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"If you're an armchair weather expert, a weather junkie or simply enjoy the intricacies of the world's most turned-to conversation topic, look no further than Weather Whys: Fact, Myths, and Oddities by meteorologist and editor Paul Yeager. In this slender volume, Yeager sets out to give readers a basic appreciation for storms, winds, freezing rain, puffy clouds and the like, by first giving readers a breakdown of just what these things are. Hail, for instance, happens when supercooled water freezes on dust particles that are then pushed back into clouds via updraft, over and over again, accumulating more water, and more size, until they finally crash onto our heads and cars.
Like a science teacher who clearly enjoys his subject and has a knack for explaining it, Yeager's easy-to-digest writing comes with a lot of requisite enthusiasm. Lightning doesn't get enough respect, he writes-and did you know that the "temperature of a lightning bolt is estimated to be as much as 54,000oF (five times the temperature of the sun)"? The book is packed with fascinating facts like these. Yeager reveals that "it's always cooler after a thunderstorm"; that seeking shelter under a highway overpass during a tornado is a really bad idea (the speed of the wind will increase); that "snow-eating wind" allows snow to vanish rather than melt and a whole lot of sports-and-weather phenomena like the fact that high humidity "allows a baseball to travel farther, increasing the likelihood of home runs." With gems like these, Weather Whys is already a candidate for bathroom book of the year."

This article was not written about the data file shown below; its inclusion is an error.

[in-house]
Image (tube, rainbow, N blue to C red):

Paul Yeager is the managing editor of Accuweather.com and a freelance writer. As a child, he was annoyed when reading, writing, and arithmetic were referred to as the "Three R's," and he hasn't changed a bit over the years. He lives in Altoona, PA.
I liked this book so much I'm reading it a 2nd time (also because I want to understand weather!!) The book is a pretty easy read as far as non-fiction goes, meaning it doesn't read... Read morePublished 2 months ago by MzKitty421
This explains in great detail the hows and whys of some phenomena, and yet left me wanting a bit more about the lore in general. Read morePublished 19 months ago by Betty L. Wilkins
This is an informative little book that tells a lot of things about the weather that you may not know. It is interesting reading for sure.Published on June 4, 2013 by diamond770
WEATHER WHYS: FACTS, MYTHS AND ODDITIES isn't at all your regular weather book. The vast majority of them, whether pitched at pre-middle school or advanced students in meteorology... Read morePublished on February 13, 2012 by Allen Smalling
I just received the book, so I haven't had the chance to dive into it yet, but I just wanted to say here that the copy I received is a bit beat up and dirty. Read morePublished on November 3, 2011 by cassie
A delightful read for anyone interested in why the weather does what it does. Read in one sitting, or just grab a chapter at a time for some quick and fun weather facts.Published on May 9, 2011 by oldkeys